History and conservation status
Belum Temenggor is believed to have been in existence for over 130 million years, making it one of the World’s oldest rainforests, an ecosystem older than both the Amazon and the Congo. This is compatible with the age of the mountain ranges of Malaysia, who were formed through orogenesis at the beginning of the Mesozoic era.
The forest reserve coverage is about 290,000 hectares (almost four times the size of Singapore) and with more than 146,000 hectares of virgin primary forest. The forest is divided into two sections: the Upper Belum (The Royal Belum State Park), which stretches to the Thai-Malaysian border covering 117,500 hectares of impenetrable jungle and the Lower Belum (Temenggor forest reserve) mostly covered by Temenggor Lake.
The Royal Belum State Park was legally gazetted by the Malaysian government as a protected area covering 117,500 hectares in 2007. It is managed by the Perak State Parks Corporation. The remain two-thirds of Belum Temenggor are unprotected. Temenggor (148,000 hectares), Lower Belum (or Banding, 16,000 hectares) and Gerik (35,000 hectares) Forest Reserves are managed by the Perak State Forestry Department. These designations do not constitute permanent protection, although NGOs have been lobbying to inscribe these areas to a protected park status.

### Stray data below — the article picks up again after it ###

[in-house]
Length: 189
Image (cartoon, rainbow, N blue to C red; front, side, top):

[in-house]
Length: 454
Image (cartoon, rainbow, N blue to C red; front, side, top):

The only inhabitants in the forest are still the native peoples called Orang Asli (aboriginal people). They live in their traditional way in bamboo huts, hunting small mammals using blowpipes, fishing and gathering plants and honey from the forest. They have been recently involved in the process of monitoring activities to support forest and wildlife conservation action.
Currently, there are several NGOs, international and local Malaysian, as well Universities and other organizations running forest conservation and scientific programs in the forest complex.
The lake at the center of Belum Temenggor is man-made and, unlike the forest that surrounds it, it’s quite recent. The area was flooded a few decades ago in the making of a dam of an electrical power plant. However, it served also the double purpose to limit the movements of a communist insurgency that marked a period of history of Malaysia commonly known as “The Malayan Emergency”, originated during the Cold War but protracted well into the ’70s. The communists were hiding in jungle areas, for training and resupplying. Particularly, many of them were stationed across the Northern border with Thailand. To seize supplies and stop the movements of the communist insurgents, the Malaysian government back then flooded the forest and ordered the construction of an highway – the East-West causeway and Jalan Baling-Gerik – which passes through Pulau Banding and Belum Temenggor. Such highway was subject to strict controls to secure the area. Despite the insurgency terminated long time ago, still nowadays the upper part of Belum has a strong military presence and there are Malaysian army checkpoints.